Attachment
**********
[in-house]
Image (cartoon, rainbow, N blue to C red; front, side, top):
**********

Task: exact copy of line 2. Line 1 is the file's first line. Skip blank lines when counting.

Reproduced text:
Image (cartoon, rainbow, N blue to C red; front, side, top):